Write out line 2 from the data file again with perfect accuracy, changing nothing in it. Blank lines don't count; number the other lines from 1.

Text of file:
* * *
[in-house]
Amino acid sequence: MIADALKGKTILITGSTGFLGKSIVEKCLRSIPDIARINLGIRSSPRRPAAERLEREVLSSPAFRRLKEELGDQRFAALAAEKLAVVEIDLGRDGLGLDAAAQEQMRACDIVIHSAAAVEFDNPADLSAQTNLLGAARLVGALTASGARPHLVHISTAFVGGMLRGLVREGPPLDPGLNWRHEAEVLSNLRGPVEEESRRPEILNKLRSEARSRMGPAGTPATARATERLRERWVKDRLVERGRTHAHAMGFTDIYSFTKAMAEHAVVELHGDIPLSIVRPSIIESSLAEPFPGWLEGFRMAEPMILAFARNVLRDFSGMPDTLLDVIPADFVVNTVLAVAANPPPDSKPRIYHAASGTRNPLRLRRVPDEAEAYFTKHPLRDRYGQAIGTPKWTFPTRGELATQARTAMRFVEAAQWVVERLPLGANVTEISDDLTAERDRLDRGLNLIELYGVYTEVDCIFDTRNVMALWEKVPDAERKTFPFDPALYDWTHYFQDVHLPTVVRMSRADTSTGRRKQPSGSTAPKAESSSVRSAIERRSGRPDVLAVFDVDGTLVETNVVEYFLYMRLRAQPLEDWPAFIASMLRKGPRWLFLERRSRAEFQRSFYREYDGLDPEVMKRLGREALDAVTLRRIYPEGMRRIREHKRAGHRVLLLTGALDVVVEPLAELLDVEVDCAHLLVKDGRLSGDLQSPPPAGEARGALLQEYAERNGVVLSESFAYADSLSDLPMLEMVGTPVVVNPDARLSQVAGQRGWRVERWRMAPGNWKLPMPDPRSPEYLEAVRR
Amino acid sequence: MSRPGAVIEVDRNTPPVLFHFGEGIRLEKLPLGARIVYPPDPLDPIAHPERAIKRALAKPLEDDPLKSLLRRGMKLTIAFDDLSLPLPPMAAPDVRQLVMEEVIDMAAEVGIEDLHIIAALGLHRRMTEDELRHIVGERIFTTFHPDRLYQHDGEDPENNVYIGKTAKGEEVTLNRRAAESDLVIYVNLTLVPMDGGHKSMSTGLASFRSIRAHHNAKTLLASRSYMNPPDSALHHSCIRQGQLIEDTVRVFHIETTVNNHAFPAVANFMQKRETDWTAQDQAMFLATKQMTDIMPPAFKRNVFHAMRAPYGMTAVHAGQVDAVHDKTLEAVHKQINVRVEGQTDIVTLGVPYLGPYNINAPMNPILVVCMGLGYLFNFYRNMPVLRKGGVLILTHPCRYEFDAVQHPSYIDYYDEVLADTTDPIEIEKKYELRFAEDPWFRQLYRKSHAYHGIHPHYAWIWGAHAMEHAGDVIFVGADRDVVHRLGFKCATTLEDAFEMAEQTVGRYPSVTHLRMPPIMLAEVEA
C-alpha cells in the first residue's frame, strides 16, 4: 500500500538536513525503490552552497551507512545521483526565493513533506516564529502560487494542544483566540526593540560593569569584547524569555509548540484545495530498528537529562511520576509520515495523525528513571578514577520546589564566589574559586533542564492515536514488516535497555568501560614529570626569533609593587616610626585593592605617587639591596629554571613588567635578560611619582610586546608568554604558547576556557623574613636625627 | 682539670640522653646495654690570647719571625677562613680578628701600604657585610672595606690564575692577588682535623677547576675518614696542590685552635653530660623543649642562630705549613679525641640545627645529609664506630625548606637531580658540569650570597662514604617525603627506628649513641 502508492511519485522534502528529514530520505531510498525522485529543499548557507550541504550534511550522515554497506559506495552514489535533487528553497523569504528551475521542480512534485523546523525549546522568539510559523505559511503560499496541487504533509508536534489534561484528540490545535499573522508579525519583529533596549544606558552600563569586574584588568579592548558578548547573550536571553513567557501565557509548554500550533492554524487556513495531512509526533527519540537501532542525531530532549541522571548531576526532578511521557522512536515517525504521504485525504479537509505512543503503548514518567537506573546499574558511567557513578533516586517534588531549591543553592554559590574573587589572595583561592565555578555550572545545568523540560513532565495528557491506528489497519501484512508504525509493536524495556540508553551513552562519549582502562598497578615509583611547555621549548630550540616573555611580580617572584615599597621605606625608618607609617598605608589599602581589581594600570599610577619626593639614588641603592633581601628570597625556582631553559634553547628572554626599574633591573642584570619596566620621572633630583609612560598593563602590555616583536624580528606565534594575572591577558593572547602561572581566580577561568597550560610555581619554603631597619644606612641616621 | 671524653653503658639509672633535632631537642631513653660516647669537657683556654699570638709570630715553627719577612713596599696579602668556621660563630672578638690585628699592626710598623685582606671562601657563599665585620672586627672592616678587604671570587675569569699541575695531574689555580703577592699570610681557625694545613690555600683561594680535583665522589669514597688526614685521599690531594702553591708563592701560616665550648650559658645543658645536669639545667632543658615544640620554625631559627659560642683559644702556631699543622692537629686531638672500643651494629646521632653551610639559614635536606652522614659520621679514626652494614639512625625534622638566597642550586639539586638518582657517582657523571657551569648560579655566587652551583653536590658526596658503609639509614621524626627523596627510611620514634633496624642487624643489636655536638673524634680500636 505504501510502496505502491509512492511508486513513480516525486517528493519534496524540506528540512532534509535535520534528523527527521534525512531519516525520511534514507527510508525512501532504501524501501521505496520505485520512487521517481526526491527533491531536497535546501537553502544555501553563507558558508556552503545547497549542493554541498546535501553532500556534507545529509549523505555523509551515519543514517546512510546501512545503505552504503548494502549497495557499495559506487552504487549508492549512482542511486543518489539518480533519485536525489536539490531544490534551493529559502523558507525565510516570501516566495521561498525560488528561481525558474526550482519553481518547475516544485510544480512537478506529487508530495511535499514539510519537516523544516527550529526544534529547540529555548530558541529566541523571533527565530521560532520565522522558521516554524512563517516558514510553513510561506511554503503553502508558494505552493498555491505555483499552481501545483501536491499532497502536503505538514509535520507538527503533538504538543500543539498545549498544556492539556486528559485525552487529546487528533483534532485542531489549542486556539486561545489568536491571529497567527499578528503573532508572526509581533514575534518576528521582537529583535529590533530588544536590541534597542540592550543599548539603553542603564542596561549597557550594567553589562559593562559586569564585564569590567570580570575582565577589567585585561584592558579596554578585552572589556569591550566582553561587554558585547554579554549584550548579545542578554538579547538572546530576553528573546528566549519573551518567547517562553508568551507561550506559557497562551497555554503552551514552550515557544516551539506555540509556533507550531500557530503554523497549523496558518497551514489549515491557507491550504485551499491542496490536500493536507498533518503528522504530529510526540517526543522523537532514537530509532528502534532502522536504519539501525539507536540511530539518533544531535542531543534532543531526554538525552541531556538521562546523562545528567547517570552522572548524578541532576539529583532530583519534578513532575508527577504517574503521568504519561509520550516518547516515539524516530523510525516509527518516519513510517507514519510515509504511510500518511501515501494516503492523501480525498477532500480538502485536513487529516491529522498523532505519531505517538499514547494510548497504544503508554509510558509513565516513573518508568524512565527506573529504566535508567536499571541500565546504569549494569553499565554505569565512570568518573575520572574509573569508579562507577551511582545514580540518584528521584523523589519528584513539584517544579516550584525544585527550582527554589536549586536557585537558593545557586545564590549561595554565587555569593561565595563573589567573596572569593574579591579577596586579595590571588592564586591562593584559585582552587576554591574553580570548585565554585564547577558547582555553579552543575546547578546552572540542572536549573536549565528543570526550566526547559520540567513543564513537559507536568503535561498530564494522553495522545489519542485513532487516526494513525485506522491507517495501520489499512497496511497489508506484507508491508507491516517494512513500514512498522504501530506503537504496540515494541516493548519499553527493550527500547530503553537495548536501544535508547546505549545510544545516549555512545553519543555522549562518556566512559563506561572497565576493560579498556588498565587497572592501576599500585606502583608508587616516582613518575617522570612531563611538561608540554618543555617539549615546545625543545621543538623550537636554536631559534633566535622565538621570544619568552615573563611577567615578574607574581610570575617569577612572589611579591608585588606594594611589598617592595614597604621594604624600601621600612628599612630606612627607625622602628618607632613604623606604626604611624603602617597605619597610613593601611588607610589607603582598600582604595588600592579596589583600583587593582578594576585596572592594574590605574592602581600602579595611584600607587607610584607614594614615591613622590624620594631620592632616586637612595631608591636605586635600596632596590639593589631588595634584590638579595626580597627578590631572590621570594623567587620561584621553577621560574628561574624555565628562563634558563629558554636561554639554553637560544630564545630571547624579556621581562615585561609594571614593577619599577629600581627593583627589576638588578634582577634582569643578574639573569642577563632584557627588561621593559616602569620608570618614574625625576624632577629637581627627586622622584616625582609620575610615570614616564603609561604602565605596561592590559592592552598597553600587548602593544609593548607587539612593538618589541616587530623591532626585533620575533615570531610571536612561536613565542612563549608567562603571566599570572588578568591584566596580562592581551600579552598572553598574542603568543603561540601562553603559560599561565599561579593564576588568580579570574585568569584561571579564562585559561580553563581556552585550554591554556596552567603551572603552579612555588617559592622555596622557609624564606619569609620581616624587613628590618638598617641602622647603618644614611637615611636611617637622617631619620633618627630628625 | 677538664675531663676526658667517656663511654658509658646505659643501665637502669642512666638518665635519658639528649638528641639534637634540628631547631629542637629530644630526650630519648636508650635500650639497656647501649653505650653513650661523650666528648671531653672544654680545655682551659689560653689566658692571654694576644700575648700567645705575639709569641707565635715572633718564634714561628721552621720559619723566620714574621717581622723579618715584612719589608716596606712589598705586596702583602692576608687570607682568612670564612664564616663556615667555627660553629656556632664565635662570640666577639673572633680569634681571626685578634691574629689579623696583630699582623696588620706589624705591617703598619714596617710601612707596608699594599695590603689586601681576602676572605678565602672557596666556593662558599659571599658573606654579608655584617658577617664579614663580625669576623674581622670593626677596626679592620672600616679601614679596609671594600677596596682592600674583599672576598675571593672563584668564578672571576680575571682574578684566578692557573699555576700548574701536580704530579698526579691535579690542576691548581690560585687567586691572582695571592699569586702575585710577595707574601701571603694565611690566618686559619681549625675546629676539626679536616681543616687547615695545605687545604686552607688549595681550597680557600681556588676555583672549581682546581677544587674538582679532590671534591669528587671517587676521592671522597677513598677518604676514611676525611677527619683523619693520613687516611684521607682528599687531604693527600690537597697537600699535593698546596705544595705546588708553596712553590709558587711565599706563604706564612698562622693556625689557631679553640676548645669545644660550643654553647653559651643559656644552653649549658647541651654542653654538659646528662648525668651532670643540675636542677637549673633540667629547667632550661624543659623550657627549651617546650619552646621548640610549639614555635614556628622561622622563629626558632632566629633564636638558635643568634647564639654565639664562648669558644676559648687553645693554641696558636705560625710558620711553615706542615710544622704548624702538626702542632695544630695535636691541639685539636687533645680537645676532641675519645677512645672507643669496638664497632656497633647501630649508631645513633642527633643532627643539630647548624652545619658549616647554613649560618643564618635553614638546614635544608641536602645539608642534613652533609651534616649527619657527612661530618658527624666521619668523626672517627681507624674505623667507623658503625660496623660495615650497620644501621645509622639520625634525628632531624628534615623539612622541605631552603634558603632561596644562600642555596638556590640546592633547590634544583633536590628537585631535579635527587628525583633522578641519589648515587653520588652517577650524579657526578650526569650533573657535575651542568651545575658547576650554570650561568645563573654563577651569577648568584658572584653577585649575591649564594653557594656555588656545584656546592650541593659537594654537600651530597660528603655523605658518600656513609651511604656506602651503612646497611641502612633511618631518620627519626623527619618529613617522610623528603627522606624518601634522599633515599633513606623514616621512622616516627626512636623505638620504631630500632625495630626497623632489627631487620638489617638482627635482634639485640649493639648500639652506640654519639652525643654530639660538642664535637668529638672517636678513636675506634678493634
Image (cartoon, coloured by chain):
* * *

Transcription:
Amino acid sequence: MIADALKGKTILITGSTGFLGKSIVEKCLRSIPDIARINLGIRSSPRRPAAERLEREVLSSPAFRRLKEELGDQRFAALAAEKLAVVEIDLGRDGLGLDAAAQEQMRACDIVIHSAAAVEFDNPADLSAQTNLLGAARLVGALTASGARPHLVHISTAFVGGMLRGLVREGPPLDPGLNWRHEAEVLSNLRGPVEEESRRPEILNKLRSEARSRMGPAGTPATARATERLRERWVKDRLVERGRTHAHAMGFTDIYSFTKAMAEHAVVELHGDIPLSIVRPSIIESSLAEPFPGWLEGFRMAEPMILAFARNVLRDFSGMPDTLLDVIPADFVVNTVLAVAANPPPDSKPRIYHAASGTRNPLRLRRVPDEAEAYFTKHPLRDRYGQAIGTPKWTFPTRGELATQARTAMRFVEAAQWVVERLPLGANVTEISDDLTAERDRLDRGLNLIELYGVYTEVDCIFDTRNVMALWEKVPDAERKTFPFDPALYDWTHYFQDVHLPTVVRMSRADTSTGRRKQPSGSTAPKAESSSVRSAIERRSGRPDVLAVFDVDGTLVETNVVEYFLYMRLRAQPLEDWPAFIASMLRKGPRWLFLERRSRAEFQRSFYREYDGLDPEVMKRLGREALDAVTLRRIYPEGMRRIREHKRAGHRVLLLTGALDVVVEPLAELLDVEVDCAHLLVKDGRLSGDLQSPPPAGEARGALLQEYAERNGVVLSESFAYADSLSDLPMLEMVGTPVVVNPDARLSQVAGQRGWRVERWRMAPGNWKLPMPDPRSPEYLEAVRR